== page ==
Whether you are looking to reduce your energy bill or are trying to improve your carbon footprint, the bathroom is a great place to start. An area of the house that’s in constant use and can take a lot of energy and water to power, there are some simple changes you can make here that will make a big difference to your usage.
In this article, we suggest some of the best ways to cut down both your water and energy usage in the bathroom.
Fix any leaks or dripping taps/showers
A small leak at the base of a faucet or a dripping bathroom tap might seem like a small annoyance, but, they can also be one place where you are using a surprising amount of water needlessly. In fact, a single dripping tap can waste over 5,500 litres of water a year! That’s a substantial amount and you’ll be paying for it, so it pays to fix an issue as soon as you spot it.
Turn down the lights
By now, we all know that switching to energy-efficient light bulbs is a great way to cut down your energy usage, however, if you and your family are still leaving the lights on when the bathroom isn’t in use, or you don’t need them then you aren’t being as efficient as possible. A good way to ensure minimum usage is to look at how your lights are set up in the bathroom to make sure that, when they need to be used, you’ve got fewer that need to be turned on.
This is something that Jo from Tea and Cake for the Soul suggests: “So many people leave the bathroom light on during the night using up valuable energy. Why not have a night light in your hallway instead, or install a sensor light that only comes in with movement?”
Lower your water pressure
Of course, we aren’t suggesting turning your water pressure down so that your shower is nothing more than a dribble, however, by using a lower water pressure when you can, it’ll mean that you are using less water. So, if your shower allows, don’t run it at full pressure and save yourself some water without letting down your experience. If you aren’t good at remembering this (or you have teenagers in the house who never seem to remember), why not fit a flow regulator in the shower so the use is limited by design?
Vicky from More Than a Mummy recommends a flow regulator for the shower: “If you have a bit more budget then adding flow regulators to your showers is another great way to use less water. A water-efficient showerhead can save as much as £185 a year on your bill!”
Another great way to lower your water usage is with a water displacement bag, a recommendation from blogger Emma Reed: “Purchasing a water displacement bag for every toilet in the home. This is basically a bag that sits inside the cistern of your toilet resulting in less water filling it up. Using one of these could save up to 3 litres of water for every flush!”
Take showers rather than baths
It’s a simple switch but having showers instead of baths can help to save a significant amount of water. Especially if you have a shared family bathroom, asking your children to shower rather than bath can make a real dent in your monthly water usage. Making sure your showers are short and efficient is also important – so be sure to limit your shower singalong list!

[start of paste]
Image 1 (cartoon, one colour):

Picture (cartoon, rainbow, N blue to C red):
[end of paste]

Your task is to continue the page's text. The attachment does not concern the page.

On showering, Vicky from More Than a Mummy tells us: “I start with the basics such as keeping an eye on the amount of time I leave the shower running. I don’t leave it running for a few minutes before I hop in and I’m careful not to spend too long in there, as every extra minute can use up a lot of water! Similarly, I always turn the tap off while brushing my teeth - even running it for those two minutes can really add up when you’re doing so twice a day.”
READ MORE: How to re-design your family bathroom
Use a smart meter
Smart meters can be a great way of tracking your energy usage in your home and not only saving money but cutting down on your carbon footprint by highlighting problem areas or times in your home. This way, you can track your day-to-day usage and build better habits at home.
Share the water
A technique that goes back many years and one that is still useful today can be sharing the water if you do run a bath. Especially good for parents of children who are too young to shower, sharing the bathwater can mean that, although you get more than one bath done, you only have to run one full tub (even if you do top up with some hot to keep it warm).
This is something that Sarah from The Good Thing Is Though does: “My water saving tip is an old fashioned one I’m afraid. I have three boys and at bath time the cleanest one (baby) goes in first. Then I top it up with a bit of hot water and the older two go in together for a splash around. I know I won’t be able to employ that strategy when they’re teenagers so I’m enjoying it while it lasts! Quick, convenient and saves money!”
Wash your towels less
For those with a lot of people in one household, it can seem like you’re always going through towels but trying to implement an efficient drying system after use means you can go longer between washes and save on the loads of washing down the line.
This is another recommendation from Vicky at More Than a Mummy, she tells us: “A great way to use less water is to keep your towels going for a few extra days before washing (so you’re not wasting water on the washing machine). Leaving them in a pile on the floor means they stay damp and aren’t pleasant to use, so I always make sure they’re hung up neatly on the radiator so they can be nice and dry for next time.”
Ways to save water and energy in your bathroom:
- Fix any leaks or dripping taps/showers
- Turn down the lights
- Lower your water pressure
- Take showers rather than baths
- Use a smart meter
- Share the water
READ MORE: How to make your home more eco-friendly
With these simple tips, you are able to cut down your water usage, lower your energy needs and in turn save money on your bills whilst helping to save the world.
For more tips, guides, and advice, make sure to visit our blog.